A good rule of thumb here is that if you have to constantly reference the rule from the rulebook, you’re breaking the suspension of disbelief; if you have to step out of character to look through the rulebook for what you’re able to do, that sucks and it has brought you out of the game. You stop visualizing what your character is doing to that orc and go elsewhere.
Pathfinder made it a bit better (took away the opposed rolls), but not much.
An internally consistent and believable world
Watching a film like Alien is a great science-fiction experience; the staging and sets are terrific, the technology is dated but believable, the characters act in understandable ways, and have reasonable limitations. Last week I saw the movie Lockout, and I enjoyed it, but there was no world into which I could get immersed. There were just too many plot holes, bad sci-fi moments, and unbelievable characters for me to really get into it.
And that’s ultimately the point of the role-playing game: you want everyone to be immersed in a world different than their own.
Science fiction obviously has the most trouble with this. It’s a huge nail in the coffin of many sci-fi shows and movies when they try to explain why something works this way or that way. Screenwriters are not scientists, and they often flub the science; for someone with a sincere interest or technical background, you immediately might say “Hey, that’s not physically possible”, and it’s like hitting the brakes when you’re flying down the freeway. It jars you.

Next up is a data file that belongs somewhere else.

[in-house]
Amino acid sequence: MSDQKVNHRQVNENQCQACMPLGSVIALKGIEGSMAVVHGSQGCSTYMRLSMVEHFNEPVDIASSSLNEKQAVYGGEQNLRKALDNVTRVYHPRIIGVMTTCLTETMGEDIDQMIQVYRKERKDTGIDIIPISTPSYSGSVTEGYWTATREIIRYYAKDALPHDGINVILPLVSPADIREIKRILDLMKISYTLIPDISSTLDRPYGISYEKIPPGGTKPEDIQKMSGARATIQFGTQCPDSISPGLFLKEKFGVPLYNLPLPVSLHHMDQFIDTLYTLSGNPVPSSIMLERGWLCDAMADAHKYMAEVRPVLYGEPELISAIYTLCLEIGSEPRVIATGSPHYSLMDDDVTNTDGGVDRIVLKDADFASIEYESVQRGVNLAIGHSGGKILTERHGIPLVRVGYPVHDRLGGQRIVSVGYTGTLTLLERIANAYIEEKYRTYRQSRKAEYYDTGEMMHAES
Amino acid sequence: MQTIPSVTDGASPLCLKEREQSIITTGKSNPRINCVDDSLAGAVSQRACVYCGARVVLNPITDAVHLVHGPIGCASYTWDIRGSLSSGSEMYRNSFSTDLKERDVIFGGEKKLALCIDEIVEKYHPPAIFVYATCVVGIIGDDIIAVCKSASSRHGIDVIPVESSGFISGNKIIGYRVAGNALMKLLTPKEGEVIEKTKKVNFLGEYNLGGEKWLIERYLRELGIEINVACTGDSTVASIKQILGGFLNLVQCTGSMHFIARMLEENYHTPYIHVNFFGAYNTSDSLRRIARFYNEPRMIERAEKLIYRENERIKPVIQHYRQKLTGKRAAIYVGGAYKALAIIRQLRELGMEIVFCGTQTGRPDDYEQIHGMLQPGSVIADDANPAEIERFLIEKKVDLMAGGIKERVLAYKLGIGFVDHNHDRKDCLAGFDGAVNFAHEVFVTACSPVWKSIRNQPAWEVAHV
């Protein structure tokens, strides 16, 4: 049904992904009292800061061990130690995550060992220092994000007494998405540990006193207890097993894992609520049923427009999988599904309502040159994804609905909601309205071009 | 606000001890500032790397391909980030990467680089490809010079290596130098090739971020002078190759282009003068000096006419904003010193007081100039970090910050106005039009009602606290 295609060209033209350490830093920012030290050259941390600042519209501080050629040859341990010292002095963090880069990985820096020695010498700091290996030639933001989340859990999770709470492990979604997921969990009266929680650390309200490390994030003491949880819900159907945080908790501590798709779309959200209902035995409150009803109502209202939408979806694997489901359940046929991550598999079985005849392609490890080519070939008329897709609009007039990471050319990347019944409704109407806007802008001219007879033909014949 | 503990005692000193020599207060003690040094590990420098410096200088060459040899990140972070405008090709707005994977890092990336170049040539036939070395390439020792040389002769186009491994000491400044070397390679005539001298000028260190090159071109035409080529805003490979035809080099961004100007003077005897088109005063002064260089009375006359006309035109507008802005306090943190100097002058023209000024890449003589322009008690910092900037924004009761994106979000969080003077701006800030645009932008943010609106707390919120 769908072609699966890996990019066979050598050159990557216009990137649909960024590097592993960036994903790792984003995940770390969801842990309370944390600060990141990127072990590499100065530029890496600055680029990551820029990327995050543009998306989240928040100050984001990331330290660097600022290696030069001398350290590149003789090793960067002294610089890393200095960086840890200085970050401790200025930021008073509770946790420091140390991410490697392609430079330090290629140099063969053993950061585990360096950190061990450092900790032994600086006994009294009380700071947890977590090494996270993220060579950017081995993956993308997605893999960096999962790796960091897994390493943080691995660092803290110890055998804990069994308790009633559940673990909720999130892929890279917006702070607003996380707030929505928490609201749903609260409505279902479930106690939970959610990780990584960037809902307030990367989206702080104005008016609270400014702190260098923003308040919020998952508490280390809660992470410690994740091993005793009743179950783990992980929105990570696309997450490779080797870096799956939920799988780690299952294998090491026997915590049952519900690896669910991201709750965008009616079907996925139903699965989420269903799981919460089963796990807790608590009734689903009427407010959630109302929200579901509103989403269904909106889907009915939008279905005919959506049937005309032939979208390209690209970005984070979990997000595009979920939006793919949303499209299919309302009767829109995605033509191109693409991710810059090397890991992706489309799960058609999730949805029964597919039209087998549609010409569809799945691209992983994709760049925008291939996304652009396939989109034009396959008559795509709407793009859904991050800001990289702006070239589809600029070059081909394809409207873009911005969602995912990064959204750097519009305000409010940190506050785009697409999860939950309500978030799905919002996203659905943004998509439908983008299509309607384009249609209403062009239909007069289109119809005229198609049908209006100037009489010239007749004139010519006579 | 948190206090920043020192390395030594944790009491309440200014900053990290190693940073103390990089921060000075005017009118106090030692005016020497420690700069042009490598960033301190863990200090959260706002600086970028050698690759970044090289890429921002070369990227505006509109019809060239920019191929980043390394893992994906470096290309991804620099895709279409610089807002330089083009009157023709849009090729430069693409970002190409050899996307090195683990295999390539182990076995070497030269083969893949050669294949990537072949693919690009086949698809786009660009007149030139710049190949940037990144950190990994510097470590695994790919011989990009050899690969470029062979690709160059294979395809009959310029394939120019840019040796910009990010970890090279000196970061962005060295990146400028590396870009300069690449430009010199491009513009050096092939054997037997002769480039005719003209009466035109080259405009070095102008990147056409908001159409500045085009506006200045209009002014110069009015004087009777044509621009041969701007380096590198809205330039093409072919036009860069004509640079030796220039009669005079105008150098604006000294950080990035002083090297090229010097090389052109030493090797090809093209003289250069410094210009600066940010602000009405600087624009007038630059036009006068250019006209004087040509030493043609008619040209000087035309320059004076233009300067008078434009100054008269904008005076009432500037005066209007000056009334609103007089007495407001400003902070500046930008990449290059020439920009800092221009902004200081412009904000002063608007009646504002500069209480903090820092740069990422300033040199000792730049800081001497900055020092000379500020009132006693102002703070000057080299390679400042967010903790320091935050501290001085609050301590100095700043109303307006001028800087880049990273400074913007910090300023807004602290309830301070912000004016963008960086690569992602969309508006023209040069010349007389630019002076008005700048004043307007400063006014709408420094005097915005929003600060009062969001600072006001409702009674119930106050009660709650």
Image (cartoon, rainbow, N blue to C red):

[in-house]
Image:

We’re perfectly willing to believe the world of The Matrix because it is presented in a believable way; it becomes harder and harder to believe what is going on in the “real world” as the series goes on because the technology gets more and more unbelievable.
Action has the same problem. Our hero gets shot 5-10 times and is able to shrug off the pain and crippling blood loss enough to save the heroine. Now, sometimes the story is so overwhelmingly awesome that we’re willing to overlook these issues; but when the story lets up for even a moment, our spidey-sense tingle and we say “something’s not right here”, and that’s a problem.